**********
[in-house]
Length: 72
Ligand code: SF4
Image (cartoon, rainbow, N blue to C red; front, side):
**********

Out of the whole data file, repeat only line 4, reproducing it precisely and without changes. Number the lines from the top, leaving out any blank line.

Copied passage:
Image (cartoon, rainbow, N blue to C red; front, side):